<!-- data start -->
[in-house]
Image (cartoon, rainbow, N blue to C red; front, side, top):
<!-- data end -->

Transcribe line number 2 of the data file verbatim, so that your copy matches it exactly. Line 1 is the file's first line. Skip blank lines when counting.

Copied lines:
Image (cartoon, rainbow, N blue to C red; front, side, top):